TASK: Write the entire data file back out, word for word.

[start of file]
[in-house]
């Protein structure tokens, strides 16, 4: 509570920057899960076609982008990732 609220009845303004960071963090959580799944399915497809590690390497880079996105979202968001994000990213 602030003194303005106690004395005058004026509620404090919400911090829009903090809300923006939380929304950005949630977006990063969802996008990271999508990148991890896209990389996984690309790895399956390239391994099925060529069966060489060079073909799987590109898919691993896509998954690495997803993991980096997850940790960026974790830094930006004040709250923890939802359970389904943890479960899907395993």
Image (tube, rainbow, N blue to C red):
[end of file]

[in-house]
């Protein structure tokens, strides 16, 4: 509570920057899960076609982008990732 609220009845303004960071963090959580799944399915497809590690390497880079996105979202968001994000990213 602030003194303005106690004395005058004026509620404090919400911090829009903090809300923006939380929304950005949630977006990063969802996008990271999508990148991890896209990389996984690309790895399956390239391994099925060529069966060489060079073909799987590109898919691993896509998954690495997803993991980096997850940790960026974790830094930006004040709250923890939802359970389904943890479960899907395993």
Image (tube, rainbow, N blue to C red):